10 of the best Ribera Del Duero reds picked by Tim Atkin MW

Despite getting some bad press for the wines being ‘samey’ Peter Dean attended a Ribera del Duero tasting and discovered a refreshingly varied set of wines. Most of the wines on show were 100% Tempranillo, had robust acidity, concentrated fruit and freshness – but the variety in different styles is huge as a result of altitude, soil (of which there are 30 types) and winemaking style.

By Peter Dean – February 14, 2019

It’s odd, given how many of Spain’s top wines come from Ribera Del Duero, that it should be the subject of such criticism. 2018 was no different in that one leading critic laid into the region calling it ‘samey’; another critic I talked to at Tim Atkin’s Top 100 Ribera Del Duero tasting in December said that she couldn’t tell the wines apart.

“Look!” she cried, pointing at a row of identical birds on a wire outside the London venue, “that’s the same as this tasting… they’re all the same.”

The Ribera Del Duero London tasting, December 2018

I beg to differ and one aspect of Atkins’ masterclass, in which we looked at 10 of his favourites, was showing just how different they are. Sure, most of them are 100% Tempranillo, have robust acidity, a degree of concentration in their fruit and have a real freshness to the palate – but the variety in different styles is huge as a result of altitude, soil (of which there are 30 types) and winemaking style which, combined here, are far more important than East/West orientation.

Ribera Del Duero has a climate of extremes, one of the shortest growing periods in the world, with a massive diurnal range – in summer this can track up to 28 degrees between day and night.

“Summer here is a bit like that description of La Mancha: “Three months of winter and nine months of hell”,” grins Atkin.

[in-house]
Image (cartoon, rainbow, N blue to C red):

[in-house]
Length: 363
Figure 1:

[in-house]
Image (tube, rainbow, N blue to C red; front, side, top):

Aside from the winemaking styles which vary considerably, Atkin points out the age of the vines here. A third of all the vines across the 22,552 hectares run by 311 wineries (over 102 communes in four provinces) are bush vines

“Many of them are far older than the 35 years required to call bush vines ‘old’ in South Africa. There are a lot of old bush vines here – 817 hectares of vines were planted before 1920.”

Grapes have been grown here far longer, of course, since Roman times, although the modern industry kicked off from 1838 when estates started importing Bordeaux varieties – 20% still have Bordeaux varieties. A lot of the vines were abandoned after the Civil War when it was more profitable to grow cereal crops, but in the past few decades the region has refound its dynamism with a lot of investment and new plantings.

And so to the 10 wines….

All of the wines are 100% Tempranillo apart from two that have 10% Cabernet Sauvignon and 5% Merlot and 8 that have 20% Cabernet Sauvignon and Merlot in the blend.

Juegabolos, Valderiz, 2015

This is the top single vineyard wine from the region’s organic pioneer, the juice coming from 30 year old vines. Natural yeasts, malolactic fermentation in oak barrels and then 22 months of oak barrel ageing (80% French). The tannins for this were mouth-puckering, the oak not so well integrated in my mind with a creaminess coming from the 20% American oak. Maybe this is a reflection of difficulties with the hot vintage of 2015 or else the wine just needs a lot more time in bottle.

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Click here to learn more about Valderiz Juegabolos

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